I brought two charts for you. If I can get Ozzie to stick the first one up. We can provide these to you by tape or whatever else at the end of the briefing. But this shows your MCAS New River here. This was the plot of the airplane as it came around, and he was just turning downwind, and the dark portion here is when he got in trouble and the aircraft experienced about 25 to 30 seconds of the emergency before he went in.
The next slide that we've got, which I had not seen this information until a day ago, so you all are getting it about the same time that I'm getting it. Final track to the crash site, and I wanted to make sure that this wasn't privileged and that I could pass it to you all, because I thought that you should have it. Number one hydraulic failure here. He began the conversion at 30 seconds. By the way, there's been a lot of statements out saying eyewitnesses said that they believed it was in the helicopter mode. I've said from the start that I thought that it was in a fixed-wing mode. It was, 100 percent fixed wing; went to 90 percent fixed wing, and then back to 100 percent as soon as they started having the emergency. So they'd never transitioned more than 10 percent.
So they were 100 percent in the fixed-wing mode when they did crash; 100 percent up here, then 90.
Number one hydraulic failure. This is at 25 seconds right here. Right here, the pilot at the controls, who we believe was Lieutenant Colonel Murphy -- Lieutenant Colonel-Select Murphy -- said, "Yeah, standby." And then here is 12 seconds, 10 seconds, and then down-stop to 3 seconds, and they did not actually declare an emergency until they were about 2 seconds out, and they said, "Emergency. We're going down, we're going down." And those are the correct words. I've had a lot of people tell me different things, but that's what they had on the tape: "Emergency. We're going down, we're going down."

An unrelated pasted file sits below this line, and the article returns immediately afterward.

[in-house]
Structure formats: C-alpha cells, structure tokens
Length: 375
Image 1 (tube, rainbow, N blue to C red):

The sources of data retrieval. And I'll provide all of you both of these sheets, if you would like them. The crash survivable memory unit was very important to us. When people talk about black boxes and all the other things, as you know, we don't have this capability in any of our helicopters or in our KC-130. And it really helped us. We got a lot of additional information from this aircraft that was not crash-worthy by design, and one was the VSLED, or the Vibration, Structural Life and Engine Data. And vice going through all these and reading them to you, I just say that I'll have these sheets available, if you would like them, at the end.